How many of your cigarette butt filters are here?
Keep it clean, no butts
It’s time to come clean in the Central City. This is the new message behind the Cape Town Central City Improvement District’s (CCID) annual #KeepItClean campaign, run by its Urban Management Department.
Urban Management is one of the four operational divisions of the CCID that delivers top-up services to those of the City of Cape Town.
The campaign launched on Tuesday 24 April with an activation in St George’s Mall, visually demonstrating what 240kg of cigarette butts looks like – one month of butts collected just from the 270 CCID-branded cigarette bins placed around the Central City. According to manager Richard Beesley the annual campaign is essential in creating public awareness.
“During last year’s campaign, we calculated that just one day’s worth of litter dumped illegally onto our streets in the CBD amounted to 2100kg and cost R26 000 to remove!
And of course, within that time, these figures have increased. If more people ‘came clean’ and were litter conscious, imagine how this money and the resources used to clean the mess could be utilised towards other pressing urban management challenges in the CBD for the benefit of everyone who falls within the CCID footprint.”
To drive home the message that everyone should take responsibility for correctly disposing of their own litter and not rely on others – the 2018 #KeepItClean campaign will show the public just how much effort it takes to keep the CBD clean. Explains Beesley: “We’re doing this because of the enormous volumes of cigarette butts that still end up on the ground through illegal dumping – far more than what our cleaners collect from our bins.
“We want people to imagine just how many more butts end up on pavements, in the streets and even being washed out to sea via our stormwater systems. And that’s just the cigarette butts. Never mind all the other illegal dumping of trash that takes place in the CBD every day – from the flicking of a soda can onto the ground to entire bags full of rubbish placed illegally on the streets instead of inside a municipal bin.”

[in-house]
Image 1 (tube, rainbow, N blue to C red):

Tasso Evangelinos, CEO of the CCID, adds: “We’ve worked out that one month’s worth of cigarette butts collected from our bins is equivalent to 240kg or four municipal bins and this amounts on its own to approximately three tonnes per annum. If our Urban Management team was able to collect so many cigarette butts in just one month, within only the areas in which we are able to place our own ciggie bins, can members of the public imagine the number of cigarette butts being illegally dumped every day?”
Another activation during this year’s campaign comes from the 2017 campaign, during which the CCID rolled out a highly popular (and very amusing) interactive “ciggie butt voting bin” that invited smokers to engage by voting with their butts on the answers to a variety of questions.
“The ciggie butt voting bin gave smokers, particularly the high volumes in the CBD that often congregate on pavements outside of our many call centres, a reason to dispose of their butts in a responsible way, and gave them a laugh at the same time,” says Evangelinos.
“Above all else it taught us that behavioural change can sometimes be best effected in an amusing and engaging manner.
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This article originally appeared at News24